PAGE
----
CI: What have been some of the unique challenges of writing a successful promo for the exercise industry? Dr Sears: The first unique challenge is the obvious one – that nobody really wants to exercise. You‟re trying to sell them something they don‟t want to do, so you have to use what Michael Masterson the Principle of Transparency. You can‟t focus on the fact that you‟re selling them an exercise program. You have to see through that to the eventual benefit of the exercise program. So you tell them what it‟s going to do for them – not that they‟re going to have to buy a book and actually read it and then actually work at the exercises. You tell them things like: it‟s only 10 minutes a day, it‟s easy, it‟s fast, it‟s fun, and you don‟t have to do the grueling exercise. The principle obstacle is the nature of what you‟re selling. You‟re selling exercise, and people would just as soon skip it. The way we got around that was to beat up on exercise. As a matter of fact, we never call our program exercise. The term PACE, when I originally conceived it, was Progressively Accelerated Cardiopulmonary Exercise. But then I started thinking, “How many people are going to say „Hey, what I really need is a new exercise program‟?” So we called it Exertion instead of Exercise. And when we write about it, we use the word exercise when we‟re beating up on the other guy. When we say, “You know, you don‟t really need an hour of exercise” or “Exercise is grueling” or “Exercise is a waste of your time” or “You don‟t really need to go out and pound the pavement.” We associate exercise with all the negatives – with the injuries and the boredom and the basic feeling among most people that they‟d really rather be doing something else.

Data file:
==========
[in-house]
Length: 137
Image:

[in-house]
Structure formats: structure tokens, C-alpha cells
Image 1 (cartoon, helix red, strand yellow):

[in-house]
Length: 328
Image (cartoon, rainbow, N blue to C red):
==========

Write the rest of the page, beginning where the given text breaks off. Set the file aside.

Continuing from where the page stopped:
Published on Sep 19, 2011
Dr. Sears Reveals the Challenges of Writing for the Exercise Industry And How to Overcome Them